%I
%S 32640,73920,130816,165600,204480,265356,294528,401856,592416,839160,
%T 947376,990528,1279200,1445850,1492128,1606528,1842240,1844160,
%U 2031120,2049300,2821500,2956096,3571128,3963520,4148640,4250070,4335040
%N Triangular numbers which are 10almost primes.
%C A101745 contains the indices of this sequence, i.e. T(n) for what values of n are these 10almost primes. Mathematica code and extension by _Ray Chandler_.
%D Ball, W. W. R. and Coxeter, H. S. M. Mathematical Recreations and Essays, 13th ed. New York: Dover, p. 59, 1987.
%D Conway, J. H. and Guy, R. K. The Book of Numbers. New York: SpringerVerlag, pp. 3338, 1996.
%D Dudeney, H. E. Amusements in Mathematics. New York: Dover, pp. 67 and 167, 1970.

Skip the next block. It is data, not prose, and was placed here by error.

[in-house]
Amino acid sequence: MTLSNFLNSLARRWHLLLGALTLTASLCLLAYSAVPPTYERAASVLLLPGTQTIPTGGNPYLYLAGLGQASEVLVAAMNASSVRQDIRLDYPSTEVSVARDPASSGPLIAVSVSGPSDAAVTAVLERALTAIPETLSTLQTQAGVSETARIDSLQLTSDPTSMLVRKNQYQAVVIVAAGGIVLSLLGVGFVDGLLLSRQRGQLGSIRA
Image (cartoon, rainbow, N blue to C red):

%H Eric Weisstein's World of Mathematics, <a href="http://mathworld.wolfram.com/TriangularNumber.html">Triangular Number</a>.
%H Eric Weisstein's World of Mathematics, <a href="http://mathworld.wolfram.com/AlmostPrime.html">Almost Prime</a>.
%F a(n) is in the intersection of {A000217} and {A046314}. Integers of the form k*(k+1)/2 which have exactly 10 prime factors.
%e a(1) = 32640 because that is the smallest triangular number which is also a 10almost prime; specifically T(255) = 255*(255+1)/2 = 32640 = 2^7 * 3 * 5 * 17.
%t BigOmega[n_Integer]:=Plus@@Last[Transpose[FactorInteger[n]]]; Select[Table[n*(n+1)/2, {n, 2, 5000}], BigOmega[ # ]?10&]
%Y Cf. A000217, A046314, A068443, A075875, A076578A076583, A075088, A101745.
%K easy,nonn
%O 1,1
%A _Jonathan Vos Post_, Dec 14 2004